Wikipedia talk:Deletion process/Archive 6

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Archive 1 Archive 4 Archive 5 Archive 6 Archive 7 Archive 8 Archive 10

Requesting move of two pages

I think the page move request malfunctioned slightly, possibly because of the redirect. I'm requesting a move of two pages, Wikipedia:Articles for deletion/Administrator instructions (which redirects here) to Wikipedia:Administrator instructions for Articles for deletion (or any similar name anyone might propose) and Wikipedia:Articles for deletion/Common outcomes to Wikipedia:Common outcomes of Articles for deletion (or similar).

Most pages regarding the AfD process have their own pages, not subpages, like Wikipedia:Deletion policy,Wikipedia:Deletion process, Wikipedia:Guide to deletion, Wikipedia:List of policies and guidelines to cite in deletion debates, Help:Before commenting in a deletion discussion. "Administrator instructions" and "Common outcomes" follow the format of an AfD on articles named Administrator instructions and Common outcomes. Naming should be more uniform. Incidentally, an Administration: namespace might make sense. Шизомби (talk) 04:07, 27 December 2009 (UTC)

  • I don't see the point (not broken, don't "fix"). These are reasonable subpages, just like Wikipedia:Articles for deletion/Log/Today, which isn't an AfD discussion either. Don't move. —Кузьма討論 14:54, 29 December 2009 (UTC)
  • Support. I think uniform naming is encyclopedic. Further, I think Wikipedia:Articles for deletion/Common outcomes looks at first glance like an article called Common Outcomes is up for Afd. It should have its own page. ɳoɍɑfʈ Talk! 18:43, 1 January 2010 (UTC)

Rant against WP deletionists

There's a huge rant against Open Software deletionists over at Ubuntard, e.g. One does not succeed at Wikipedia by adding content. One succeeds by reverting un-sourced edits, and nominating pages for deletion. They even have a group for this, the Association of Deletionist Wikipedians, who, in their utter lack of logic, seem convinced that adding content to Wikipedia dilutes it. cojoco (talk) 00:06, 18 March 2010 (UTC)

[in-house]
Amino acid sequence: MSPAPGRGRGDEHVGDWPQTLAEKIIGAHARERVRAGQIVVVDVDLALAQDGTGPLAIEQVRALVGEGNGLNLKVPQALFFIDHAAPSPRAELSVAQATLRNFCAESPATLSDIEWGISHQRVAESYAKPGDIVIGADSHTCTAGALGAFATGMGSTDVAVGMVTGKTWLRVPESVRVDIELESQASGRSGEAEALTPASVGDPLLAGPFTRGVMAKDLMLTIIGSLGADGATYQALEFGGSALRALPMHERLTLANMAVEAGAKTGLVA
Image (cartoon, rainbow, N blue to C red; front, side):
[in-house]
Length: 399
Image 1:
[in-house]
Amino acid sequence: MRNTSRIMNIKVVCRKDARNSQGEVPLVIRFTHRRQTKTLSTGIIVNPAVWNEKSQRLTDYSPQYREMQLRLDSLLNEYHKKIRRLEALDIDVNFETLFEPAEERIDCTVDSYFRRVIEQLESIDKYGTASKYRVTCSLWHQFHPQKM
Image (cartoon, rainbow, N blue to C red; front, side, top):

And? Stifle (talk) 10:45, 7 April 2010 (UTC)

Request for help re deletion process

A current AfD nomination is messed up procedurally and I'm not expert enough to know how to fix it. If someone would look at Wikipedia:Articles for deletion/Talk:Michael Dutton Douglas -- see my "Comment" there for elaboration of the problems -- it would be appreciated. Thanks! JamesMLane t c 15:50, 29 April 2010 (UTC)

All sorted, I believe. Thank you, –xenotalk 15:59, 29 April 2010 (UTC)
Oops! [1] Obviously not. Thanks =) –xenotalk 20:13, 29 April 2010 (UTC)
I think that, between the two of us, we've finally gotten it right.  :) But you did the parts I wouldn't have had a clue about. JamesMLane t c 20:19, 29 April 2010 (UTC)

Second relist or "no consensus"?

I have been doing closes and relists in AFD for over 2 years and until recently, I have been closing a lot of AFDs which, after 2 weeks, have no "delete" !votes but little participation aside from the nominator as "no consensus" per WP:RELIST and WP:NPASR. I started doing this soon after AFD went from 5 to 7 days. I did this for 2 reasons...